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Neuropharmacology. 2018 Aug;138:245-256. doi: 10.1016/j.neuropharm.2018.06.017. Epub 2018 Jun 20.

Medium chain triglyceride diet reduces anxiety-like behaviors and enhances social competitiveness in rats.

Author information

1
Brain Mind Institute, School of Life Sciences, Ecole Polytechnique Federale de Lausanne (EPFL), CH-1015 Lausanne, Switzerland.
2
Nestlé Institute of Health Sciences SA, EPFL Innovation Park, CH-1015 Lausanne, Switzerland.
3
Brain Mind Institute, School of Life Sciences, Ecole Polytechnique Federale de Lausanne (EPFL), CH-1015 Lausanne, Switzerland. Electronic address: Carmen.sandi@epfl.ch.

Abstract

Medium-chain triglycerides (MCT) are emerging as unique dietary supplements that are potentially relevant for the amelioration of brain dysfunctions. MCT are converted into ketones and free medium chain fatty acids that, in the brain, are highly effective energy sources to mitochondria and potentially less harmful than glucose metabolism to neurons. Given the recently established link between mitochondrial dysfunction and high anxiety and depression, we performed this study to investigate the effectiveness of an MCT-enriched diet to ameliorate anxiety- and depression-related behaviors in rats. Male rats were distributed into groups, according to their anxiety-like behaviors in the elevated plus maze. Each group was given either MCT-supplemented diet or an isocaloric control diet for fifteen days. Starting from the eighth day of diet, rats were exposed to different behavioral tests. MCT-fed rats exhibited reduced anxiety-like behaviors and enhanced social competitiveness, while their coping responses in the forced swim test were not affected by the treatment. When evaluated at the end of the two-week MCT diet, mitochondrial respiration was reduced in the medial prefrontal cortex (mPFC) while unchanged in the nucleus accumbens. In the mPFC, enzymes related to glycolysis and oxidative phosphorylation were also decreased by MCT diet, while proteins controlling glucose and glutamate transport were increased. Altogether, our findings strongly suggest the effectiveness of MCT diet to exert anxiolytic effects. In the brain, our results point to the mPFC as a brain region in which MCT supplementation improves transport and control of energy substrates.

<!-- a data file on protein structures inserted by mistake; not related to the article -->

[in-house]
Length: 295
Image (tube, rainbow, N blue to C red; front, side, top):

KEYWORDS:

Anxiety; Glucose transporter; Glycolysis; Hexokinase; Mitochondria; Oxidative phosphorylation; Social dominance

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